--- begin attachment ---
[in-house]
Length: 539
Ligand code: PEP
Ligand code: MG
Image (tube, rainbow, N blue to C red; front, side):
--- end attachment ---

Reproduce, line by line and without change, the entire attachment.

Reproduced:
[in-house]
Length: 539
Ligand code: PEP
Ligand code: MG
Image (tube, rainbow, N blue to C red; front, side):